Modern planning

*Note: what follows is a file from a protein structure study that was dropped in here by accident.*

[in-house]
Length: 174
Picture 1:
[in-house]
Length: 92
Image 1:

Modern urban planning dates from the 1850s and the contrasting projects to update Paris and extend Barcelona. In 1852, Baron Georges-Eugene Haussmann was commissioned to remodel the Medieval street plan of Paris by demolishing swathes of the old city and laying out wide boulevards, extending outwards beyond the old city limits. Haussmann's project encompassed all aspects of urban planning, both in the centre of Paris and in the surrounding districts, with regulations imposed on building facades, public parks, sewers and water works, city facilities, and public monuments. Beyond aesthetic and sanitary considerations, the wide thoroughfares facilitated troop movement and policing.[11] The plan chosen to extend Barcelona was a rigorous project based on a scientific analysis of the city and its modern requirements. It was drawn up by the Catalan engineer Ildefons Cerda to fill the space beyond the city walls after they were demolished from 1854. He is credited with inventing the term urbanization and his approach was codified in his General Theory of Urbanization (1867). Cerda's Eixample (Catalan for 'extension') consisted of 550 regular blocks with chamfered corners to facilitate the movement of trams, crossed by three wider avenues. His objectives were to improve the health of the inhabitants, towards which the blocks were built around central gardens and orientated NW-SE to maximize the sunlight they received, and assist social integration.[12] Ebenezer Howard's influential 1902 diagram, illustrating urban growth through garden city "off-shoots" In the developed countries of Western urope, North America, Japan, and Australasia, planning and architecture can be said to have gone through various paradigms or stages of consensus in the last 200 years. Firstly, there was the industrialised city of the 19th century, where building was largely controlled by businesses and wealthy elites. Around 1900, a movement began for providing citizens, especially factory workers, with healthier environments. The concept of the garden city arose and several model towns were built, such as Letchworth and Welwyn Garden City in Hertfordshire, UK, the world's first garden cities. These were small in size, typically providing for a few thousand residents.[13] In the 1920s, the ideas of modernism began to surface in urban planning. Based on the ideas of Le Corbusier and using new skyscraper-building techniques, the modernist city stood for the elimination of disorder, congestion, and the small scale, replacing them with preplanned and widely spaced freeways and tower blocks set within gardens. There were plans for large-scale rebuilding of cities in this era, such as the Plan Voisin (based on Le Corbusier's Ville Contemporaine), which proposed clearing and rebuilding most of central Paris. No large-scale plans were implemented until after World War II, however. Throughout the late 1940s and 1950s, housing shortages caused by wartime destruction led many cities to subsidize housing blocks. Planners used the opportunity to implement the modernist ideal of towers surrounded by gardens. The most prominent example of an entire modernist city is Brasilia in Brazil, constructed between 1956 and 1960.